If the followers of my blog think my performance has been impressive over the last year and a half, just wait until this Global Macro Experiment really starts to kick in. You ain't seen nuthin' yet! In an attempt to avoid taking the proper medicine for the last two bubbles blown, the central bankers around the globe are huffing and puffing, inhaling and exhaling (quite hard, may I add) in a concerted attempt to blow the MOTHER OF ALL BUBBLES). My team and I road the last bubble up, we're riding it down (and documenting it meticulously in real time through this blog via 20 page research reports) and trust me, we will take full advantage of the mess the central banker made (is making, won't stop making). The revolution will not be televised. No need to fret or worry. I will continue to manipulate this new media and medium to blast the truth to all who want to, or wish to hear it.
Asset prices must be allowed to correct, and the insolvent must be allowed to fail so the solvent can continue and investors can have confidence in the market pricing mechanism. Thus far we have no investor confidence, and as for the insolvents -well the walking dead are all over the place, and I'm talking some pretty big bodies.
It is not as if asset prices are not going to fall anyway. You cannot legislate, or administrate high risky prices in a market based economy (that is, if we still have a market based economy - the socialism is creeping). Yes, the government buys everything risky from everybody else, but what about the 2nd transaction? In order for prices to maintain that level or rise higher, someone must make a purchase at an equal or higher price. It ain't gonna happen for at least a decade, and that may be optimistic.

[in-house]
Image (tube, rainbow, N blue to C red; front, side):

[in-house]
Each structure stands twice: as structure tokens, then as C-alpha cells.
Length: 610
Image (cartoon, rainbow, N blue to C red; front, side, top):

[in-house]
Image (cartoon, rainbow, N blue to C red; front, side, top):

The deliberations come as President-elect Barack Obama pledges fresh action to help American homeowners, and follow a $600 billion initiative announced by the Federal Reserve last week to buy mortgage debt. Mortgage applications surged by a record last week and the average rate on a 30-year fixed-rate loan dropped to 5.47 percent, the lowest level since June 2005, the Mortgage Bankers Association said yesterday.
"Lower mortgage rates will allow households to fortify their balance sheets, and we will likely see consumer spending come back a little quicker than it would otherwise," said Mark Vitner, a senior economist at Wachovia Corp. in Charlotte, North Carolina. At the same time, "it's not going to be an instant panacea for what ails the economy," he said. Maybe, and maybe not. Lower money rates also spur imprudent speculation when taken to the extreme, and this can be considered extreme. Mortgage rates are ALREADY flirting with historical lows, so I really don't think rates are the problem. Imprudent financial behavior and low savings and real investment rates coupled with sparse real income is the problem. Hey, instead of dropping rates to a 100 year low, let's keep them at a 98 year low and try to spur employment and productivity. That way people can actually pay their debt service and buy assets the old fashioned way, work for it.
While lowering mortgage rates to 4.5 percent would allow most homeowners to refinance into a cheaper loan, far fewer will actually qualify, said Rajiv Setia and Nicholas Strand at Barclays Capital in New York.